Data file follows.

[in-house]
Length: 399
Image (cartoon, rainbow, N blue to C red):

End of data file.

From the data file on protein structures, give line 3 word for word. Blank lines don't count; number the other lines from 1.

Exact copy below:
Image (cartoon, rainbow, N blue to C red):